on in Education PR
You want to let teachers and school leaders know about your great new product, service or event so you’ve written a peach of an email and sent it on its way. But not only do you get scant response, most teachers don’t even open the email at all.
Why is that?
They’re not just busy, they are insanely busy.
Even before the Covid-19 pandemic, teachers were working 9 million extra hours without pay every week according to the TUC.
On a typical day, a teacher will move from classroom to meeting to classroom, answering questions in the corridor as they go. There’s barely time for a cup of coffee. Even if they do get round to seeing your email, there will be a more urgent one from a worried parent or head of year that has to be answered first. By then it’s too late for your carefully crafted message to hit the mark.
And it doesn’t stop there.
Once a teacher gets home and the laptop’s back on, there’s barely a moment to skim through the inbox because it’s time to tackle that pile of essays or look through the agenda for tomorrow’s departmental meeting.
It’s hardly surprising teachers don’t get round to reading marketing emails.
When a teacher eventually does find some quiet time to research resources for teaching maths to intervention groups, your email may not be what comes to mind.
Rather than clicking on your link and booking an online demo, a teacher might prefer to talk to other teachers at similar schools to see what they are using. A quick tweet or a visit to a Facebook group will give them the answer they’re looking for in seconds.
And it will be an answer they will trust.
A busy teacher wants quick and reliable recommendations before they make a buying decision, so they will turn to places where they can find expert advice. Articles in teaching magazines, posts on an education association forum or a product review in a blog or podcast.
The good news is that there are ways to tell teachers about your product or service – and to encourage them to buy it – without wasting time and effort on emails that never get read.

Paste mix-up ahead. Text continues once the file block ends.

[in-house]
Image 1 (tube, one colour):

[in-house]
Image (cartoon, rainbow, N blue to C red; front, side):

You can reach those busy teachers and become one of the sources that they trust.
First, you need to define your business objectives. Be as specific as possible about what you want to achieve. If you are looking to change the opinions of teachers who have never considered your product, you need to define how many people you should aim to reach with your message to shift those opinions.
Think carefully about how your prospective customer looks for information and what kind of content they consume. If the teacher you’re targeting reads the TES, listens to the EdTech podcast and is active on LinkedIn, take a look at these channels yourself to see what your audience’s trusted sources are.
Speak to your target customers, do some research and find out what challenges they need to solve. Do they want to save time recording pupils’ marks, or inspire reluctant writers to tell stories? Then think about how your product or service will help a teacher solve these problems.
Use your knowledge of your audiences to decide what sort of content will hit home. Carry out some keyword research and see what terms teachers are searching for that could be relevant to the solutions you’re offering. This will help you develop your messaging and show teachers your brand understands their challenges and can help solve them.
Reach out to teachers using a combination of channels. Increase your coverage on social feeds and influencer sites to demonstrate you’re a source that teachers can trust. Write using the language teachers use in your blogs, and show teachers your creative lesson ideas in action by filming a series of short videos.
Keep track of your most successful channels. If you started with a campaign that focuses on social ads on Twitter, Facebook and LinkedIn, but only Facebook is getting results, then you can shift your spend across to that channel to ensure you’re getting the best value from your outlay.
The days of reaching teachers by email alone are long gone.
But you can engage even the busiest teacher when they trust your brand to help them. And that’s when you’ll find teachers actively seeking you out for solutions.
To find out more about getting teachers to notice your brand, read our white paper, Influence Schools.
Let’s face it. Selling to schools is tough. And in the current climate, it’s tougher than ever. Teachers and school leaders are under too much pressure to open your emails or hear your marketing messages. So how can you overcome this and get your brand or message to the people in school that matter? This white paper will tell you all you need to know.